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Trump's new order on campus speech does much less than he thinks

With his new executive order addressing free speech on college campuses, Trump said he took "historic action." That's really not what happened.
Desks in a classroom. (Photo by Bob O'Connor/Gallery Stock)
Desks in a classroom.

During a long, rambling appearance at the Conservative Political Action Conference, Donald Trump made a curious announcement. "Today I'm proud to announce that I will be very soon signing an executive order requiring colleges and universities to support free speech if they want federal research dollars," the president declared.

Yesterday, we learned what he was talking about.

President Donald Trump signed an executive order Thursday that would withhold federal research and education funds from colleges if they don't certify that they will protect free-speech rights on campus."We're here to take historic actions to defend American students and American values," Trump said at the White House. "They've been under siege." [...]Public colleges and universities are already required to abide by the First Amendment.

It's that last sentence that stands out for a reason.

As the NBC News report on this makes clear, American colleges and universities do receive billions of dollars in federal funds every year, and while the White House said Trump's policy wouldn't affect tuition assistance, it could affect research and development funding for schools that fail to protect First Amendment rights.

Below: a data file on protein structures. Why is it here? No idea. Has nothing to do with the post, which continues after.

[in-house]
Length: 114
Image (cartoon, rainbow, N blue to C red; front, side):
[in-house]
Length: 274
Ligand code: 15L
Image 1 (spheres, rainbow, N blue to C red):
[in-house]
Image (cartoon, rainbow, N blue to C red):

There are, of course, a couple of problems with this. The first is the disconnect between the message and the messenger: maybe the guy who discusses official retribution against comedy shows that hurt his feelings, and uses Stalin-esque rhetoric to condemn the free press, should pause before presenting himself as a champion of the First Amendment.

The second is that Trump's new "policy" does far less than the president suggested.

Politico's report noted, for example, "The order ... essentially reinforces what schools are already supposed to be doing by formally requiring colleges to agree to promote free inquiry in order to get billions of dollars in federal research funding."

Vox added that Trump's executive order "won't do much more than reiterate the Trump administration wants schools to follow existing laws.... It's a largely a symbolic move meant to satisfy a key demand of Trump's conservative base."

Quite right. Trump didn't sign an executive order to advance a policy goal or address a substantive problem; he did it to stoke political fires. Conservatives are convinced that academia has turned them into victims, so the president put on a political show to tell them how right they are.

"What we're doing is very important," the president said at yesterday's White House event, "and we're here to take historic action."

In reality, the executive action was far from "historic," and it didn't really take "action."